The CWPPRA Task Force approved funding for construction (phase 2) at the February 13, 2008 Task Force meeting. Construction began in March 2009 and initial construction was completed in November 2009.Vegetative plantings were installed at the project site in June of 2010 and October 2011.

This project is on Project Priority List 13.

Federal Sponsor: EPA

Local Sponsor: CPRA

New Cut Dune and Marsh Creation (TE-37)

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* Problems:  New Cut was first formed in 1974 when the eastern end of Trinity Island was breached during Hurricane Carmen. This breach was further widened by Hurricane Juan in 1985 and Hurricane Andrew in 1992. — The Isles Dernieres shoreline is one of the most rapidly deteriorating barrier shorelines in the U.S., exhibiting a pattern of fragmentation and disintegration.  — With regard to long shore sediment transport systems or the movement of beach material by waves and currents, the islands have ultimately become sources of sediment themselves leading to an ever-decreasing volume of sediment.

* Restoration Strategy: The purpose of this project was to close the breach between Trinity and East Islands through the direct creation of beach, dune, and marsh habitat. This project also lengthened the structural integrity of eastern Isles Dernieres by restoring the littoral drift by adding sediment into the nearshore system (restoring about 8,000 linear feet of barrier island).
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* Location: New Cut is the breach between East and Trinity Islands in the Isles Dernieres barrier  island chain. The cut is bordered on the north by Lake Pelto, on the west by Trinity Island, on the east by East Island and on the south by the Gulf of Mexico, in Terrebonne Parish, Louisiana.
* Progress to Date: A rock dike and approximately 2 million cubic yards of dredged material reconstructed a dune and marsh platform to protect the shoreline from erosion and to restore interior marsh lost from subsidence and saltwater intrusion.
Phase 2 (construction) funding was initially approved at the January 2001 Louisiana Coastal Wetlands Conservation and Restoration Task Force meeting and additional funds allocated in 2006 to account for change in borrow site and post-hurricane increased construction costs. Dredging was completed July 2007. About 8,000 linear feet of barrier island was restored by placing approximately 850,000 cubic yards of material. New Cut was closed through the construction of a dune platform matching the dune elevations on the east and west, strengthening the connection between East and Trinity Islands. Nine species of native barrier island vegetation were planted along with over 17,000 linear feet of sand fencing. No maintenance is anticipated over the 20-year design life.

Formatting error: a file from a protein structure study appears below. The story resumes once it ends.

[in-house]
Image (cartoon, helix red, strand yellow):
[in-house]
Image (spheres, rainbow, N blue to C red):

* This Project is on Priority Project List (PPL) 9.
* Federal Sponsor:
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  Dallas, TX
  (214) 664-6722
* Local Sponsor:
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The Louisiana Artificial Reef Program

Established in 1986, the Louisiana Artificial Reef Program takes advantage of obsolete oil and gas platforms which were recognized as providing habitat important to many of Louisiana’s coastal fishes [1]. Participating companies donate materials, and 1/2 of their savings into the Louisiana Artificial Reef Trust Fund.

In 1999, the Louisiana Artificial Reef Program created the World’s largest artificial reef  from the Freeport sulfur mine off Grand Isle, Louisiana.

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The Louisiana Artificial Reef Program Has:

  • Converted over 400 obsolete platforms into permanent artificial reefs Gulf-wide
  • Developed 30 inshore reefs in Louisiana state waters
  • Supported 71 oil and gas companies to participate and donate

One of the (5) main objectives of the Coastal Master Plan, includes the restoration of  coastal habitats. Programs such as the Louisiana Artificial Reef Program, provide fisheries habitat in the form of converted rigs, provide support to CWPPRA and other partners funding coastal restoration projects.

Source:

[1] McDonough, Mike. The Louisiana Artificial Reef Program. Available: http://www.wlf.louisiana.gov/fishing/artificial-reef-program [July 10, 2018].